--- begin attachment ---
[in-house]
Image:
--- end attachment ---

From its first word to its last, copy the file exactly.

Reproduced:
[in-house]
Image: